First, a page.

In the winter of 2013/14 I took a 12 week UX Design course with General Assembly. There was an emphasis on clickable prototypes made with apps like POP and Axure. Seeing these prototypes in action, there was no doubt in my mind that clickable prototypes provide more value for testing and sharing a design than static images with descriptions of the interactions.
With an HTML prototype, I can show the actual interactions instead of proxies for them. I can show the various states of elements instead of describing them. And, on smaller teams where there isn’t a front end developer who’s a ninja with CSS, I can give working code examples so there’s less confusion about how to build out the designs.
I haven’t completely abandoned lower fidelity wireframes for the initial stages of a design. Lately I’ve been sketching ideas on paper to get ideas out of my head. I’ve also used Photoshop or Omnigraffle as an intermediate step to make ideas clearer. Once I have a few sketches, I can drop them into a storyboard with brief descriptions so people I’m communicating with can get a general idea of the interactions I have in mind. Ideally the product owner and can walk through the storyboard together -lately that’s happened via Google Hangouts- and talk about problems they foresee or changes they want to try.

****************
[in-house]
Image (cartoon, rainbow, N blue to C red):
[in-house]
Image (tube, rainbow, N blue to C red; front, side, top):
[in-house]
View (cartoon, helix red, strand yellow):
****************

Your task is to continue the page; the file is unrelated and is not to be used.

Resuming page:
Once I’ve gotten approval to move ahead I’ve been jumping right into HTML. Sketching on paper takes the place of wireframing in Omnigraffle or Balsamiq. Prototyping in HTML gives us something we can get our hands on which helps us find the weaknesses and strengths of the design.
Redesigning an Interface for a 3D Building Game
I’ve been designing the UI for a 3D modeling startup called 3Scape. We’ve gone through a few drastically different designs, but I think we’ve hit our stride and settled on one that will work for our users.
The process to get to this point is a great example of how I’ve been able to jump from drawings to HTML and then into production, all in about two weeks.